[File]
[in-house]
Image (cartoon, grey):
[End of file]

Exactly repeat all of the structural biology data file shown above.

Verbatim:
[in-house]
Image (cartoon, grey):